At some time in my first two years at high school we were required to do a geography project on an African country of our choice. I chose Ifni, then the smallest country in Africa, with two motives in mind – I reasoned, incorrectly, that choosing the smallest country would mean the least work, but also chose that tiny slice of formerly Spanish territory as a statement of my own marginal status – I was not only an outsider, but the smallest boy in the class. The choice did not win favour with the geography teacher, Mr Ince, but I had not gone outside the terms he had laid down for the project, so there was nothing he could do to punish me.
Why do I remember this incident in my high school career and not others? Why is it that I can still remember that Ifni’s capital was called Sidi Ifni, and that Ifni was a slice of land scarcely bigger than a large farm, tucked into the Moroccan coast on the African continent’s north-western bulge? Of other geography lessons, which I endured for three years, I remember nothing. High-school history, Latin, mathematics and science have all gone the same way, so that it is as if I had never enjoyed the privileged education that my parents thought they were giving me.
In the small bits of teaching I have done in my adult life, I have come to understand something about the role of passionate commitment in learning. I did not have any kind of commitment to my education, and never studied or did homework unless there was a fearsome punishment for non-compliance. While I remember the punishments because of the strong feelings they aroused in me, they were unable to stimulate in me any interest in or passion for the curriculum. Without this necessary precondition of lasting memories, I have forgotten everything.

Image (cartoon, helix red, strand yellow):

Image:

Personal memory and forgetting have something of the quality of a natural force, for although they exercise a profound effect on our lives, they are, by and large, beyond the control of our personal will. Memory is not voluntarily effaceable. We cannot choose to forget; nor can we choose to remember unless we make some extraordinary effort involving emotional commitment, which cannot easily be commanded by the will.
On winter mornings at Clifton, it was sometimes possible to see the vast grey face of a cold front as it approached from the north-west over the wine-dark Atlantic ocean, smothering the world in its foggy embrace and bringing, paradoxically, when it finally arrived, a world of misty whiteness that obliterated all differences beyond a few paces away.